Earlier this year, we here in the UK had a spring that felt more like winter. Now we are enduring the frightful ordeal of a summer that is exactly like a summer, only more so. I don’t know about other UK-based Samizdatistas, but this current burst of local warming saps my will to blog. When it is this warm, my idea of fun is not sitting next to a typing machine that happens also to be a fan heater. But I will give it a go anyway, and in a way that doesn’t change the subject from the weather.

Last week, there was a publicity stunt by some lady mountaineers, who climbed up the Shard, to protest against oil and gas drilling by Shell in the Arctic. Measured with a tape measure and a stop watch, media reactions to this escapade say that it was a big success.

Nevertheless, the mainstream media angle on all this may have somewhat disappointed the lady mountaineers. It was: Does This Kind Of Thing Work? Does a bunch of women showing off their shapely bottoms on nationwide television by clambering up a rather irrelevant but shapely new London tower really do much to change opinion on such matters as Arctic oil and gas drilling? That was the BBC’s original slant on this, and I heard the same thing on the Channel 5 TV news in the evening. Maybe I am reading too much into this, but such questions suggest to me a slight pulling back from this argument on the part of the media people, a feeling that a whole generation of broadcasters is detaching itself from a previously definite point of view, the obvious truth of which would have been their starting point only a few years ago, but which they now regard as just another of those arguments that people have, which it is now their job to report rather than to take sides in.

The pessimistic line on this, from the anti-alarmist point of view, is that all that the media people were really asking was: How Can We Best Make Everyone Into Climate Alarmists? Will this stunt accomplish this, or do we need to try other methods? We. They are still all on side with the climate alarmists, but some of the climate alarmists, especially those in the media, are now starting seriously to fret about tactics. But even if there was a big whiff of that about the coverage of this stunt, does not the suggestion that these lady climbers might not actually have been persuading anyone to think differently at least suggest that maybe their team in this argument might be wrong about matters of far greater substance, such as – whisper it ever so quietly – the alleged scientific fact of forthcoming climate catastrophe?

What is not deniable, if you will pardon the expression, is that a libertarian, Simon Gibbs of Libertarian Home, was asked to join in the coverage and say what he thought about it all,. You can listen to what Simon said here, and read Simon’s further thoughts on all this here. It was an email from Simon Gibbs that alerted me to this story. He knows that I am fond of the Shard.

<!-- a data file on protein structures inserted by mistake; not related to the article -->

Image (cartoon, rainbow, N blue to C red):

→ Continue reading: Extreme weather – and some thoughts about what publicity stunts do and do not accomplish

Danny Weston on Hansen at the LSE

I recommend this report by Danny Weston (guest writing at Bishop Hill) of a talk at the London School of Economics given by NASA’s James Hansen. Hansen is a manic climate alarmist, and the audience was almost entirely other manic climate alarmists. But Weston himself managed to get a question in edgeways.

To echo many of the Bishop Hill commenters, congratulations to Danny Weston for attending this event, for spoiling the party by actually expressing doubts out loud about what Hansen said, and above all for writing his report of the event, for an influential climate skeptic blog.

Opponents, however manic, need to be listened to, and argued against. The point is often made here by commenters that arguing against such people as Hansen and this LSE audience is a waste of time and effort, and there is a definite and entirely understandable trace of this feeling in Weston’s own report. Wrong, wrong, wrong. In among that audience were other doubters besides Weston, a few of whom identified themselves to Weston afterwards sotto voce, congratulating him for what he said. Genuine undecideds, and even some of the majority who flatly disagreed with Weston, may also have been impressed by Weston’s sheer guts, as well as by his arguments. And by writing it all up, Weston greatly reinforces this silent bystander effect.